“It’s not a matter of whether you’ll be stopped when you’re driving,” begins Memphis mom Teresa Jenkins, “but that you’ll be stopped multiple times because you are black.”
As an African American woman raising two kids, Jenkins worries about the usual stuff that concerns parents. But since her son James is now 15 and beginning to drive, a whole new layer has been added. Namely, how to help him handle being pulled over by the police. Because she knows it will happen.
It’s a conversation that takes place in many families citywide. But Jenkins wants to make it a public conversation as well. So she has invited a number of academic, church, and law enforcement professionals to speak at an event she hopes will help parents talk about this important topic with their teens.
A Conversation with Our Sons (Boys 13-18)
Sunday, April 12, from 2-4 p.m.
Golden United Methodist Church • 4028 Neely Road, 38109
See details on Facebook.
Jenkins is concerned for her son’s safety as a new driver learning. But also because she knows, that as a young African American male, he’ll be scrutinized much more closely.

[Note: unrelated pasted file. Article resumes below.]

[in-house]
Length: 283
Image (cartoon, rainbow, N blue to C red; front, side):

Last year, when James walked home from his middle school in Germantown, Jenkins made a point to call the town’s police chief and let him know her son would be coming from school each day. She wanted to ensure his safety. Though her son initially protested, she replied, “It’s my job to protect you.” She says she notified the police because “I feel he’s at risk.” She knows people feel threated by teens, particularly when they’re together in a group, more so if they’re black.
“I felt inadequate as a mother to discuss why society has this image of him, and I’m not sure he knows a lot about the African American journey historically.” She points out the recent incident of University of Oklahoma racial slurs that went viral and how one of the football players responded with an angry, hurt message of his own.
“I want my son to have a voice and acknowledge issues but have pride. Change the perception people have of black men by being who you are,” she says. “We must give our kids the armor they need to protect themselves.”
Jenkins was surprised how quickly people said yes to her idea. After hatching the plan several weeks ago, within 24 hours she had a confirmed slate of speakers. Participants include: UM professor Dr. Gregory Washington, Rhodes professor Dr. Charles McKinney, Golden United Methodist Church Rev. Charles Elliott, Shelby County Trustee Donnell Cobbins, and Jarret Parks, Shelby County Special Ops Unit.
The meeting is free and open to all parents.